By John Scibal, OD
In today’s environment, there is much emphasis on social media. And rightfully so – it is a great way to reach your patients – both current and potential. But even those in the marketing industry would agree that online presence must be complimented with other marketing efforts.
Back in the stone age (in other words, throughout most of the time I owned my private practice), there was no such thing as the Internet – GASP! Yes, people actually had to learn about you from something called a newspaper. And back then we spent a lot of money on yellow pages (those are part of something called a “phone book”.) In order for a patient to find you, they actually had to dig out their phone book, look you up, and call you to find more information. Other external marketing tools included radio, television, and direct mailings.
I contend that there is still a place for all of those marketing items (with the exception of Yellow Pages- those are gone forever!). People still listen to the radio, and watch TV, and a lot of us old-timers still prefer to read the news the old-fashioned way: on our favorite chair reading a newspaper, with a cup of coffee.
But as all of us know, the most important advertising is through your patients’ word of mouth. And basing your entire practice on creating the best and most personalized experience for every single patient that walks through your door is a guaranteed path to huge success. Creating that bond, an emotional bond, with each of your patients is what makes them tell a story to their family and friends.
So let me tell you about a simple but powerful technique I used to help set me and my office apart. As often happened, the idea came from one of our weekly staff meetings. We had always done sporadic follow up phone calls to patients who had received glasses or contacts from our office, and people were always appreciative. In some cases, particularly with large sales, we had our opticians write a brief thank-you note to the patient, and sometimes gave a little gift. Patients were very appreciative.
So the staff asked: “Why not take it to the next level and have the doctor send a thank you note to every new patient”? And that is exactly what I did. I bought nice personalized stationary with envelopes, and sent a short thank you note to all the new patients. It was typically only two or three sentences, but the patient response was overwhelmingly positive. The common response was “This is the first time I got a letter from my doctor”.
Well of course, at the next office meeting, the staff now says “hey doc, this is working so well, how about you send a note to ALL our patients! We shouldn’t leave out the established patients. They’re the ones that built our business – let’s show them our appreciation, too.” Uh, well, OK, I guess. So I bought more stationary and sent a personal note to every patient that I had examined (and so did my associate).
These were hand-written notes, including addressing the envelopes, and now there was a practical concern: this was taking a ton of time, and I was getting writer’s cramp! And it was difficult for me to remember who was new, who was established, and anything personal about that particular patient.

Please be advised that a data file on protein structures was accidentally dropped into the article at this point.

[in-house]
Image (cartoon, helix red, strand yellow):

Going back to the original premise of creating an emotional, personalized bond with each and every patient, we ended up creating a system:
- Once a week, the staff would hand me two stacks of charts: new patients and established patients. They would also indicate whether the patient was a contact lens or glasses patient.
- Each chart had a pre-addressed envelope. (You’d be surprised at how much quicker it was if you don’t have to do the envelope yourself.) Sending the note to the work address is the best – it always brightens up the patient’s day, and they will share it with their co-workers.
- In order for me to personalize the note, the staff would jot down something personal about the patient. Example: “this is the lady whose grand-daughter just graduated from high school”; “this is the guy you talked to about fishing”. Honestly, without those notes I never would remember these things.
- If the person had a large purchase, they indicated that as well, and I would include a Starbucks gift certificate (from $5.00 to $25.00 depending on their purchase).
- Once a week, I sat at my desk and wrote the notes. The beginning of the note was generic, and categorized as either a new or established patient. And whenever possible I would add a personal touch. Here’s an example for a new patient: “Dear Mrs. Smith, Thank you so much for choosing our office for your eyecare. We know there are lots of choices, and we are honored you chose us. I hope your contacts are doing great, and that they help you at your grand-daughter’s graduation!”
- Staff applied stamps and in the mail they went.
Sexy? No. Cutting edge? Maybe not – but deadly effective. And the only cost is stationary and stamps. It took me from 30 minutes 90 minutes per week. And if we were running any kind of promotion (an upcoming trunk show, for example), we of course would include a flier as well. People love getting things in the mail besides bills – and this is a simple way to interact with them personally. They can’t get that from Facebook!
Photo: Copyright: robbiverte / 123RF Stock Photo
Dr. John Scibal is the owner of Scibal Consulting, a company that is focused in both the Optometry Business Appraising and Optometry Management Consulting fields. Dr. Scibal is fully certified by the Institute of Business Appraisers (CBA). While working as a practicing optometrist for twenty-five years, Dr. Scibal developed one of the largest and most successful independent optometric practices in North Carolina. A veteran lecturer throughout the U.S., Dr. Scibal is also a prolific author who has written extensively on a wide-range of practice management topics.